Lawsuit challenges electronic voting in Texas
to keep Travis County from using its electronic voting system in upcoming
elections, an Austin civil rights group
claims in a lawsuit filed Wednesday
that the system violates state law because it doesn't produce paper ballots.
Electronic voting systems don't allow
for transparency and could potentially lead to voter fraud, said members of
Texas Civil Rights Project after the group filed a lawsuit against the
Texas Secretary of State Roger Williams and Travis County Clerk Dana
Nearly 95 counties in Texas and 26
states currently have paper ballots in conjunction with electronic voting
systems, which became mandatory in all elections nationwide after the
passage of the Help America Vote Act in 2002.
Hart InterCivic eSlates provides
electronic voting systems for half of all registered voters in Texas and, in
addition to Travis County, also has distributed systems to Harris and
Tarrant Counties, where a computer malfunction counted an additional 100,000
votes during a primary in March.
"Imagine walking into a bank and
depositing money without getting a record of your transaction," said Nelson
Linder, the Austin president of the NAACP. The lawsuit states that the use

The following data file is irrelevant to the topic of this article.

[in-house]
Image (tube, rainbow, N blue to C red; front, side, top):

of electronic voting machines violates Texas' Constitution and Election
Code. The petition also asserts that requiring paper ballots in addition to
electronic systems would reduce voting fraud and provide for more accurate
The Texas Civil Rights Project, which
is acting as attorney on behalf of the plaintiffs, has so far only filed
lawsuits in Travis County and hopes that this is the only step necessary in
moving the state Legislature into action.
The lawsuit claims that more than half of states — but not Texas —
require electronic voting systems to produce paper copies.
Hart's company has a machine that also prints paper ballot
results. It is being reviewed by Williams' office for use in Texas
elections, and DeBeauvoir said she'll present the option to the
community if it's approved.
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